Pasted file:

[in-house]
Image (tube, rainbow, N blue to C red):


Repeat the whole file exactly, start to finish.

[in-house]
Image (tube, rainbow, N blue to C red):